Paprika Pork

As January is firmly over the horizon and we are all quickly running out of February, it becomes harder to cling on to that New Year’s “I’m going to be a health nerd” commitment that you promised you’d stick to this year.

It’s not so much the snacks (energy balls!) or the breakfasts (overnight oats!) but dinners that become a struggle. You’ve had a hard day at work, you just about managed to get yourself to the gym to make that monthly fee worthwhile and you still have to cook and eat.

We had the same problem the other week, but stumbled over this recipe. Parpika pork.

It ticked all the boxes. It was quick (30 minutes), easy (mostly throwing things in a pan) and cheap (pork, veg and spices). Plus it was delicious.

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Ingredients (serves 4)

600g Pork loin (any other pork should also do though)
300g Mushrooms, sliced
2 Small onions, halved then thinly sliced
2 tbsp vegetable oil
1.5 tbsp smoked paprika
2 tbsp corn flour
3 tbsp tomato purée
250ml stock (from one chicken stock cube)
4 tbsp sour cream
Boiled rice

Directions

Add half the oil to a large pan over a medium high heat, then throw in the pork. Let it sizzle around a bit. Maybe wiggle the pan to make yourself look more pro. Once it’s all stopped being pink on the outside, pop it in a big bowl, juice and all.

Now is a good time to do your rice. We follow this foolproof Delia recipe to make sure it’s perfect.

Add the other half of the oil to the pan, then add the onions. Do something else for 3 minutes while they soften. Maybe read another review? When you come back they’ll be all soft and lovely – unless you cut them too thick, then shame on you, go read another review…

Throw in your mushrooms. Stir every now and again for about 7-8 minutes. Once the mushrooms have wilted and darkened, it’s time to put the pork back. Juice and all. Stir around until it’s hot again.

Add the paprika, chicken stock and tomato purée, give it a good old stir and then simmer for 5 minutes.

Mix the cornflour with 3 tablespoons of cold water to make a little gloopy paste, then add to the pan and stir to thicken your sauce. If you found that the sauce was thick enough, don’t bother adding the cornflour unless you want your dinner to have the consistency of meaty toothpaste.

Bring to the boil, remove from the heat, then stir in your sour cream. Serve with the awesomely cooked rice and shovel into your face. Hmmm.

Nutrition
Per serving (quarter of recipe, without rice)

Calories 300

Total fat 11g
Saturated: 3.1g
Polyunsaturated: 2.4g
Monounsaturated: 5.0g
Trans/hydrogenated: 0.0g
Cholesterol 82.8mg
Sodium 486.6mg
Potassium 265.9mg
Total carbs 9.0g
Fibre: 1.4g
Sugars: 2.9g
Protein 39.8g
Vitamin A 1.8%
Vitamin C 6.2%
Calcium 2.7%
Iron 5.2%

Is it clean?
Depending on your definitions, this can be considered a clean meal. The ingredients you may take umbridge with are the corn flour and the stock cube. Corn flour is the starch extracted from corn. While corn is ok, the extraction means it’s refined/processed. The nutrients are zero and there isn’t any rubbish in it, but it goes against the ethos of “clean”. Same goes for the stock cubes. Usually it is just dried from regular stock and seasoned, so it’s up to you as to whether it ticks your box or not!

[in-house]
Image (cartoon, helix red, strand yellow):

I adapted this recipe from one my wife found in a recent Asda magazine, but I changed a few things (more paprika, more pork, fewer mushrooms) to make it nicer!

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Pavillon Ledoyen Truffles

Chocolates. Everyone loves them, right? Right. So when I was offered to be sent some luxury Parisian truffles I umm’d and ahh’d for about never and bit their arm off.

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The one-armed people in question are Pavillon Ledoyen. They are a company that create elegant macaroons  chocolates, biscuits, coffees, teas, champagnes, spirits, foie gras and many other gourmet specialties, in order to provide you with the best of Paris.

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I was sent the truffles, all natural and dusted with cocoa powder.

While the $34.00 (£21.64) price tag will put off most, Pavillon Ledoyen certainly do their best to make you feel like they’re worth it. They arrive in a well crafted decorative box (right), that my wife is keen to keep for make-up storage, housing a golden packet in which hides the truffles.

Once you get past the elegant packaging, the truffles themselves are immensely luxurious. They’re rich and velvety, taking you from the bitter cocoa dusting to a buttery middle before giving you a light chocolaty aftertaste. They’re very rich, leaving you with a thought that is rare with most chocolate products: “I could only eat two of those”.

They would certainly make a nice treat for a special lady in your life, as they really are something very different from your classic Milk Trays and Lindor balls. They feel like they’d suit a special anniversary, alongside a trip to the country and a bottle of champagne. (He says having tried them at home, with a tea and Glee on the telly…)